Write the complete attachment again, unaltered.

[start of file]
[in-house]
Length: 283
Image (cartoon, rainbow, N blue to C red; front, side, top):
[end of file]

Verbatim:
[in-house]
Length: 283
Image (cartoon, rainbow, N blue to C red; front, side, top):